As long as enough privileged men can maintain their own individual family they don’t need to worry about the folks outside the “family” who can’t. Or that this leaves women in the position of continuing to do unpaid labor in the home while having to accommodate and limit their participation in the marketplace in response to the push back from the capitalist system which refuses whenever possible to pick up the public costs of childcare as part of the public social safety net. Women not only do this very costly work for free in the home, but, increasingly pay the price by having to take time off from their jobs in the workplace or find other ways to accommodate these functions. (Mothers earn about 7 percent less per child than childless women. Women who use birth control have on average a 9% increase in their wages. For women under 35 years of age, the wage gap between mothers and women without children is greater than the gap between women and men. The loss of wages also means women have smaller pensions, if they are in pensionable jobs at all. The average single mother pays 32% of her salary for childcare.)
The interaction of the gender wealth gap and the racial/class wealth gap.
There is no easy way to clearly differentiate between sex, class and race privilege since they have been inextricably intertwined in the U.S. The mainstream wage gap analysis, unlike the wealth gap analysis, does not take into account the depth & dynamics of institutionalized racism and sexism over time and it also does not describe the wealth gender gap within communities of color.
Most people of color and immigrants , like women, have had limited opportunity to accumulate wealth. For the better part of our history, both people of color as slaves and married women were considered property and could not own property, the major source of wealth accumulation. Men’s wages in communities of color are significantly lower and, in spite of the civil rights movement, most men of color are still in the working class with very little wealth accumulation. Moreover, the jobs areas most populated by minorities and immigrants (domestic labor, agriculture), are not included under the Fair Wage Act in the United States. As the number of women who migrate to find work in the “nanny” track, the problem only worsens.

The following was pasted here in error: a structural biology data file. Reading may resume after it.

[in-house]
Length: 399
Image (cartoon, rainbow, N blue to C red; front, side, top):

Women in communities of color generally have significantly lower wealth and are less likely to marry and to remain married when the men in their community do not have substantially more wealth than the women and there is less inheritance to consider. Institutionalized sexism and racism have kept both women and men of color out of unions, out of political power, out of well paying white male segregated jobs. Women of color form the vast majority of workers in part-time informal work and the low paid service sector.
As we already noted, when we separate the gender wage gap by race, women of color are at a significant disadvantage, but when using the wealth gap, black and Latina women, have a negative wealth accumulation: that’s less than 0% or, depending on the study, maybe a fraction of 1% compared to all men. The wealth gap for single women, of all races, especially those who have never been married or single women with children is similar. Meanwhile white middle class married women have 67% wealth accumulation, compared to all men. While, this still is not great, we cannot ignore this internal difference in the women’s movement.